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Photo of dog in a Titanic lifeboat

This discussion on "Photo of dog in a Titanic lifeboat " is in the Real Dogs section; I can't believe what I appear to be seeing... Once again, in the same week ...

      
   
  1. #1
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    I can't believe what I appear to be seeing...

    Once again, in the same week as the wreck of a German U-boat being found at Titanic's last anchorage, I have to stress that I am not joking about this...

    I have a first generation picture of a Titanic lifeboat arriving at Carpathia, from an original negative - the resultant tiff that I have is nearly 53 Megabytes. Colossal.

    Anyway, I have found what looks to me like a dog awaiting rescue inside the lifeboat !



    Tell me I am dreaming...

    This is a late-launched lifeboat, which makes it all the more jaw-dropping to see this.

    It looks like a scruffy type of dog, not the pomeranians, pekingese or chows we're told about.

    If this is a live animal, I am absolutely staggered.

  2. #2
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    Zooming back out from the face of the "dog" -



    Titanic crewman in lifejacket to left.

  3. #3
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    Zooming back out further...



    Can anybody guess the boat yet? The picture is actually quite well known, although nobody will have it in this level of granular resolution.

  4. #4
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    The dog appears to be sitting on a thwart.

    There are lots of other hidden and amazing things to be seen in this photo in high resolution and clean-up, brightening, etc...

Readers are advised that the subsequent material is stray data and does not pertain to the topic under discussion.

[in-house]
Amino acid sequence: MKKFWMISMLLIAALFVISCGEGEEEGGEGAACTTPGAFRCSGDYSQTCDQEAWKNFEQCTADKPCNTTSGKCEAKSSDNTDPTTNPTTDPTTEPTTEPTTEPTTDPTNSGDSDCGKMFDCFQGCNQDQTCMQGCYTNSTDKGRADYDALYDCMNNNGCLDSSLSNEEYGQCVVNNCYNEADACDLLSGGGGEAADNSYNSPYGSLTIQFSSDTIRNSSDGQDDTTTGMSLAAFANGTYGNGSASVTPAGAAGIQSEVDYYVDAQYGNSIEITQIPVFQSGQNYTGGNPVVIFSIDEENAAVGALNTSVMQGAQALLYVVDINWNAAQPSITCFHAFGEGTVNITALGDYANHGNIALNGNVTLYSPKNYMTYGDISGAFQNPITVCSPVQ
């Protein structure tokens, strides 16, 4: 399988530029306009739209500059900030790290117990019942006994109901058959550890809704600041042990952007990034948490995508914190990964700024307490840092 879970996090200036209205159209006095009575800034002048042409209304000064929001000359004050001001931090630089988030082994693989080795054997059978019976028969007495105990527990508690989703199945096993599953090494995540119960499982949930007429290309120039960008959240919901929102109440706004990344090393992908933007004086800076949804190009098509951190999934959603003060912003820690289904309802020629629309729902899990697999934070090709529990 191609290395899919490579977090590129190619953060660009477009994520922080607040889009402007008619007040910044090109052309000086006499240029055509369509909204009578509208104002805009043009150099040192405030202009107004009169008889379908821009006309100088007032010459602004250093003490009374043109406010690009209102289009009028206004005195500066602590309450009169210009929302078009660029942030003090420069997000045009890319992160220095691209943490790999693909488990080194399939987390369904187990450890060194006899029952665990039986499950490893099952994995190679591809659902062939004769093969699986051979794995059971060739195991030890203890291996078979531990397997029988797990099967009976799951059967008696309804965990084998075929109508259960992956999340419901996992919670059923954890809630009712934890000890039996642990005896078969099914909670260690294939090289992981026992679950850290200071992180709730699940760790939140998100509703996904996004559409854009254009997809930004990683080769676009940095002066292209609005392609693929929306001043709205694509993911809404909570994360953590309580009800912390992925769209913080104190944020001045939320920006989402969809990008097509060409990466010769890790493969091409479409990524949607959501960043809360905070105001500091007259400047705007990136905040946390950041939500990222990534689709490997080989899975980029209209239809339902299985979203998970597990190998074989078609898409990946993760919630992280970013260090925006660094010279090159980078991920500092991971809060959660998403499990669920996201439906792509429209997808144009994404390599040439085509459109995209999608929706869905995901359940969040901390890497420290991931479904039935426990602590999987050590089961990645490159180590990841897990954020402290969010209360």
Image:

But this one takes the dog biscuit.

  5. #5
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    Okay - this is Collapsible D.

    Here is another detail.



    <font size="+1">AND I'VE FOUND EVIDENCE OF A DOG BEING IN THIS BOAT!!!

    If you go onto the Michel Navratil biography on this site, towards the end, you will see this quote -


    ...."I remember the pleasure, really, of going plop! into the lifeboat. We ended up next to the daughter of an American banker who managed to save her dog - no-one objected."
    I am astounded...

    Next stop, to find the American banker's daughter...

    By the way, I can also see the curly head of the older Titanic waif in my super-huge version of this photograph.

    A dog is seen in a Titanic lifeboat for the first time... over 1,500 humans died...

    No wonder that canine looks quite pleased.

    But my main feeling is of being completely gobsmacked.

  6. #6
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    Seems the banker's daughter could be Sara Compton, who was actually transferred to D from lifeboat 14... in which case the dog was in 14 while they were beating back would-be male boarders, with Lowe later firing from 14, on its being lowered, in order to deter and discourage 'wild-eyed beasts' (of the steerage human variety) who were "ready to spring"...



    Here is a caption associated with this large Collapsible D picture. There are about twelve names, one or two indecipherable.

    The above is an extract. It says that the occupants of D included -